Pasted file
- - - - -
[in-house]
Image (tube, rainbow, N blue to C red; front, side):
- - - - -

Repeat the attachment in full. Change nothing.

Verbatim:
[in-house]
Image (tube, rainbow, N blue to C red; front, side):